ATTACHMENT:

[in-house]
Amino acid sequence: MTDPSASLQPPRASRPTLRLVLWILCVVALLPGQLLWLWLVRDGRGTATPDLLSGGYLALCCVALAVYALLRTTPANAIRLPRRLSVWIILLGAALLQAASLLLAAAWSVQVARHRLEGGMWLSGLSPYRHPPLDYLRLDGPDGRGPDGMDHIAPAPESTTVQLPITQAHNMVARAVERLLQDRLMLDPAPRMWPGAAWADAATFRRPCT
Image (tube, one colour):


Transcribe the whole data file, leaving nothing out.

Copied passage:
[in-house]
Amino acid sequence: MTDPSASLQPPRASRPTLRLVLWILCVVALLPGQLLWLWLVRDGRGTATPDLLSGGYLALCCVALAVYALLRTTPANAIRLPRRLSVWIILLGAALLQAASLLLAAAWSVQVARHRLEGGMWLSGLSPYRHPPLDYLRLDGPDGRGPDGMDHIAPAPESTTVQLPITQAHNMVARAVERLLQDRLMLDPAPRMWPGAAWADAATFRRPCT
Image (tube, one colour):